“Declan Burke is his own genre. The Lammisters dazzles, beguiles and transcends. Virtuoso from start to finish.” – Eoin McNamee “This bourbon-smooth riot of jazz-age excess, high satire and Wodehouse flamboyance is a pitch-perfect bullseye of comic brilliance.” – Irish Independent Books of the Year 2019 “This rapid-fire novel deserves a place on any bookshelf that grants asylum to PG Wodehouse, Flann O’Brien or Kyril Bonfiglioli.” – Eoin Colfer, Guardian Best Books of the Year 2019 “The funniest book of the year.” – Sunday Independent “Declan Burke is one funny bastard. The Lammisters ... conducts a forensic analysis on the anatomy of a story.” – Liz Nugent “Burke’s exuberant prose takes centre stage … He plays with language like a jazz soloist stretching the boundaries of musical theory.” – Totally Dublin “A mega-meta smorgasbord of inventive language ... linguistic verve not just on every page but every line.Irish Times “Above all, The Lammisters gives the impression of a writer enjoying himself. And so, dear reader, should you.” – Sunday Times “A triumph of absurdity, which burlesques the literary canon from Shakespeare, Pope and Austen to Flann O’Brien … The Lammisters is very clever indeed.” – The Guardian

Wednesday, July 16, 2008

“Ya Wanna Do It Here Or Down The Station, Punk?”: Martin Edwards

Yep, it’s rubber-hose time, folks: a rapid-fire Q&A for those shifty-looking usual suspects ...

What crime novel would you most like to have written?
A FATAL INVERSION by Ruth Rendell. Absolutely brilliant.
What fictional character would you most like to have been?
Maybe Dr Watson. Quite something to observe genius at such close quarters. I’d have said Paul Temple, but I couldn’t cope with all those dry Martinis.
Who do you read for guilty pleasures?
Agatha Christie and the much less well known Golden Age plotsmith Rupert Penny. Much pleasure, minimal guilt.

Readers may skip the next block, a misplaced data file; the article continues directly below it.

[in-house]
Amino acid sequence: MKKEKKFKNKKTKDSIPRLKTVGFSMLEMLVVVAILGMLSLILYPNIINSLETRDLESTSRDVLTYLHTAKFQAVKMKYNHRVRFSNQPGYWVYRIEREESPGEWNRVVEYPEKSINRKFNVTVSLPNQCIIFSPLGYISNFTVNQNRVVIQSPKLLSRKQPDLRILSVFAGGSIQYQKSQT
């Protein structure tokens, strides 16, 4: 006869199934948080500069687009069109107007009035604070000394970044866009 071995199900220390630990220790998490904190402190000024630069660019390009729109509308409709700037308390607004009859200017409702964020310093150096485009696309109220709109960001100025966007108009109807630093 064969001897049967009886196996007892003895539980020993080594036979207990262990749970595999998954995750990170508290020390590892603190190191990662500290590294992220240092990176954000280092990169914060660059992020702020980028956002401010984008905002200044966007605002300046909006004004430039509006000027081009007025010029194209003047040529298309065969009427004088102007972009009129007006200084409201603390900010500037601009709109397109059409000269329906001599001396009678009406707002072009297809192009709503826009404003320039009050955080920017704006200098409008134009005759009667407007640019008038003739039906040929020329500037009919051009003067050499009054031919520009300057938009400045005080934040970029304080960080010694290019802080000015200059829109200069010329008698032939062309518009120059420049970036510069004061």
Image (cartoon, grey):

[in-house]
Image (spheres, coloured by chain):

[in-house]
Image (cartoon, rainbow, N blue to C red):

Most satisfying writing moment?
Last week (believe it or not) when I was at the CWA Dagger Awards and Lesley Horton announced that I’d won the award for best short story of the year, ahead of the likes of Michael Connelly and Laura Lippman. The stuff of dreams.
The best Irish crime novel is …?
I’m not very well read in Irish crime, to my shame, but THE SILVER SWAN by John Banville is a very good piece of writing.
What Irish crime novel would make a great movie?
BORDERLANDS by Brian McGilloway.
Worst / best thing about being a writer?
Worst: The vagaries of the publishing business, especially the focus on celebrities and the depressing neglect and often abandonment of countless good ‘mid-list’ writers. Best: Readers and reviewers who really ‘get’ what I'm trying to do with my writing.
The pitch for your next book is …?
Dr Crippen tells how it really was
Who are you reading right now?
Simon Kernick’s SEVERED and Andrew Taylor’s BLEEDING HEART SQUARE.
God appears and says you can only write OR read. Which would it be?
Aaaaaghhh. Write. I think ...
The three best words to describe your own writing are …?
Entertaining; getting better.

Martin Edwards’ WATERLOO SUNSET is published by Allison & Busby


Anonymous said...

Martin Edwards? Anthony Edwards more like.

Anonymous said...

You didn't ask him where he got that sweater!
Who is Anthony Edwards?
Anyway, can highly recommend Waterloo Sunset and the Lake District novels, I've just finished Arsenic Labyrinth (the 3rd of 3 so far).

Declan Burke said...

An unusually Edwardian Anthony Edwards, wethinks ... Cheers, Dec

Patricia said...

Anthony Edwards wishes he could be Martin Edwards.